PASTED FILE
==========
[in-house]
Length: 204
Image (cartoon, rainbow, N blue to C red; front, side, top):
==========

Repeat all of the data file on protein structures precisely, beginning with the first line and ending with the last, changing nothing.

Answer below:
[in-house]
Length: 204
Image (cartoon, rainbow, N blue to C red; front, side, top):